Grand Lake Yacht Club, Grand Lake CO | Established 1902
Grand Lake Yacht Club Sailing High Above the Tides
One cold day in 1912, members of the Grand Lake Yacht Club enjoyed this elegant menu in the downtown Denver Club with their guest, Sir Thomas J. Lipton, British tea merchant and yachtsman extraordinaire. After an evening of frivolity and sailing stories, Lipton announced that he would sponsor a trophy to be awarded as the grand prize at an annual sailing competition held on Grand Lake.
The next summer, Lipton shipped an ornate sterling silver cup to Colorado. Although he was invited, Lipton never actually visited Grand Lake, sparing everyone the embarrassment of learning that the Englishman might have been taken in by a little partisan hyperbole.
The Grand Lake Yacht Club was incorporated in May of 1902 with a membership of four. Two of them - Harry Bryant, Richard Crawford Campbell - competed in the club's first regatta later that summer, dueling in rowboats outfitted with homemade sails. The members elected Bryant the club's first commodore.
Lipton was at the height of his yachting glory, having sponsored boats that raced in three America's Cup competitions. He would never win the coveted trophy in five spirited attempts. But Lipton's decision to bestow the cup that now bears his name did much to inspire the membership of a small yacht club in downtown Grand Lake.
Bryant upped the ante when he ordered a proper sailboat shipped to Grand Lake by freight wagon. Bryant's sailboat was christened Dorothy II. Not to be outdone, Campbell ordered Tom Tom II from a boat maker in Wisconsin. The two skippers became fierce competitors.
Early on, the members gathered in private homes, but it soon became apparent that they needed a clubhouse. In 1911, the board of directors asked architect Carleton Adams to submit building plans. For unknown reasons, Adams withdrew from the project. Bryant asked Denver architect and Grand Lake summer resident Aaron Gove to step in. In April, 1912, Bryant presented Gove's sketch to the board.
The group moved quickly, accepting bids from from local contractors. Members reviewed the following proposals:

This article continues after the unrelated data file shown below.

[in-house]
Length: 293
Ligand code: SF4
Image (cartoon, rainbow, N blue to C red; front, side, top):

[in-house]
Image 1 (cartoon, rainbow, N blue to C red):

Smith's bid was accepted. On August 19, 1912, the Grand Lake Yacht Club held its annual meeting in the brand-new clubhouse.
Upon its completion the next summer, the lower portion of Gove's outside design was covered with horizontal bark-sided slabs reaching upward from lake level to the level of the main floor. Siding the remainder of the building were hand-made shingles elegantly lined up between vertical boards to create a rhythmic pattern. Large peeled trees formed the porch columns. Logs much smaller in diameter created the crisscrossed railings.
The lower level was largely dedicated to boat storage. The party room upstairs featured large hand-peeled logs that supported the roof truss system above. Wall builders employed rough, unpainted lumber. The focus of the room was a fireplace made of river rocks smoothed and rounded by years of tumbling through the swift current of the North Inlet.
Gove declined payment for his services. His compensation was an honorary membership.
The Grand Lake Yacht Club today attracts members from Florida to Hawaii. Outfitted in shorts, swim suits and formal wear, young and old representing more than 200 families gather throughout the summer to enjoy a busy schedule of social activities and sailing events. They gather together in a building that has weathered some but otherwise changed little since it opened on the lake's north shore.
Few club events are more anticipated than the awarding of the Lipton Cup during Regatta Week in midsummer. As for the slight exaggeration that helped bring the cup to Grand Lake, it may have been made during conversation over lobster about a century ago.
At 8,366 feet, the Grand Lake Yacht Club deservedly has received official recognition as the world's highest registered yacht club. Grand Lake also is widely known as Colorado's largest natural lake - a mile and a half long and a half mile wide.
The lake's dimensions might have been expanded slightly during the members' efforts to fan Sir Thomas Lipton's interest in freshwater racing high above the ocean tides. But if Lipton saw Grand Lake fill with colorful sails on a perfect summer day, he probably wouldn't mind one bit.
From the book Rocky Mountain Rustic: Historic Buildings of the
Rocky Mountain National Park Area
© Rocky Mountain Nature Association 2005 - All Rights Reserved